Francis Gibb, Legal Editor for The Times has written regarding delays caused by court closures and that more couples are representing themselves. No reference is made to the large number of people who choose to use mediation to determine the number of financial cases that otherwise would have gone to court.
The article that has appeared in The Times deals with “a huge rise in private hearings on divorce”.
In particular it refers to a “Financial Dispute Resolution” (FDR) hearing which is a private hearing and falls within the standard timetable for financial remedy proceedings.
Sadly if people are not made aware of the advantages of attending family mediation, then I suspect most of the protracted cases that go to court do eventually determine in the Financial Dispute Resolution hearing which is when the judge is able to give a view. If the case does not settle at that hearing, the judge has to remove him/herself from the proceedings. This is actually when the judge has an opportunity to mediate the case but that occurs many weeks after proceedings have started. It occurs to me that if parties were simply offered family mediation at the early stages of the dispute they would be much closer to considering options for a safe settlement.
It offends me that judges are not willing to address the virtues of mediation for people who are in dispute and who frankly do not have the financial resources or wish to engage in litigation. Nobody seems to wish to report on the number of cases that return to family mediation following many months of engaging in legal process and who simply run out of funds to finance litigation. These are the really frustrated people.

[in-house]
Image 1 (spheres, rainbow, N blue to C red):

The normal scenario that I visit frequently in my role as an experienced FMC Accredited and Law Society Accredited Family Mediator is that people lose the ability to communicate. They need further information and full financial disclosure to give them the opportunity to arrive at a settlement.
At the FDR, a judge is for the first time in the proceedings available to provide a rational and objective view to assist the parties to settle their dispute but this has to be on the basis their financial disclosure has been dealt with.
The FDR of course takes place many weeks after the case has come to the court. The majority of litigants within family proceedings will have parted with a great deal of money by this stage and frankly, will have pretty much lost the will to live.
The article describes the virtues of arbitration and which again must involve full financial disclosure. There is no mention of the costs of this and the preparatory work that must take place.
Again, sadly, no mention is made of mediation which is a process that helps people who are in dispute to function and begin to think for themselves rationally and pragmatically. It is not a difficult process to follow and the mediator is at hand to help keep the lines of communication open with a positive and impartial third party present.
A frequently quoted solicitor is referred to in the article as comparing arbitration with private healthcare. Where is the human approach towards people who need to feel listened to rather than reading about calls for further reform to benefit only a few.
Family mediation is available to everybody. For those who are unable to pay private mediation rates, there remains the opportunity to apply for legal aid to mediate. I do not think the article reflects the position of most of the people who I meet professionally and who receive a wonderful service which is there to try and help families to rebuild hope for the future.
Please contact Tricia Muzalewski , Accredited Family Mediator at Wynn Mediation.
Contact details: email@example.com or Telephone: 01702 341241
TMM/WynnMediation December 2017